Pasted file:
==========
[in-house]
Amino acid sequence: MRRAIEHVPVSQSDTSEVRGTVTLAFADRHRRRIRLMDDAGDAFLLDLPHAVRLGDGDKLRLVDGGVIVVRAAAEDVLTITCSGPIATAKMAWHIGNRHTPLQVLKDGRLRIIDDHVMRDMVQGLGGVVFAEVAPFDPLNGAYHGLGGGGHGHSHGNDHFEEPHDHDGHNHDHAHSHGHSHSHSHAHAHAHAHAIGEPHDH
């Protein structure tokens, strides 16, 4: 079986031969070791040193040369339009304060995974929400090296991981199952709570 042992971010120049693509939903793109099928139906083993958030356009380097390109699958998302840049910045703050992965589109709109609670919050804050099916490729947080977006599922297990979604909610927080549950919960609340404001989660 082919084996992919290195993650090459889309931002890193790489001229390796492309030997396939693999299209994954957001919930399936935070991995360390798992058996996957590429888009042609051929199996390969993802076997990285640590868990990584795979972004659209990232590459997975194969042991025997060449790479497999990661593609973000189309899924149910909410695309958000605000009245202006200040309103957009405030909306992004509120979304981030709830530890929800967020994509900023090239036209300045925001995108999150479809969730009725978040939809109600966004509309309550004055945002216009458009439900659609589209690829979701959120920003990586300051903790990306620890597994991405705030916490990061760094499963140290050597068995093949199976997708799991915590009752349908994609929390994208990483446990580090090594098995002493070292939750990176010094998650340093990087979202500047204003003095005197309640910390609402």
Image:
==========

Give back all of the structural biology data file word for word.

[in-house]
Amino acid sequence: MRRAIEHVPVSQSDTSEVRGTVTLAFADRHRRRIRLMDDAGDAFLLDLPHAVRLGDGDKLRLVDGGVIVVRAAAEDVLTITCSGPIATAKMAWHIGNRHTPLQVLKDGRLRIIDDHVMRDMVQGLGGVVFAEVAPFDPLNGAYHGLGGGGHGHSHGNDHFEEPHDHDGHNHDHAHSHGHSHSHSHAHAHAHAHAIGEPHDH
């Protein structure tokens, strides 16, 4: 079986031969070791040193040369339009304060995974929400090296991981199952709570 042992971010120049693509939903793109099928139906083993958030356009380097390109699958998302840049910045703050992965589109709109609670919050804050099916490729947080977006599922297990979604909610927080549950919960609340404001989660 082919084996992919290195993650090459889309931002890193790489001229390796492309030997396939693999299209994954957001919930399936935070991995360390798992058996996957590429888009042609051929199996390969993802076997990285640590868990990584795979972004659209990232590459997975194969042991025997060449790479497999990661593609973000189309899924149910909410695309958000605000009245202006200040309103957009405030909306992004509120979304981030709830530890929800967020994509900023090239036209300045925001995108999150479809969730009725978040939809109600966004509309309550004055945002216009458009439900659609589209690829979701959120920003990586300051903790990306620890597994991405705030916490990061760094499963140290050597068995093949199976997708799991915590009752349908994609929390994208990483446990580090090594098995002493070292939750990176010094998650340093990087979202500047204003003095005197309640910390609402």
Image: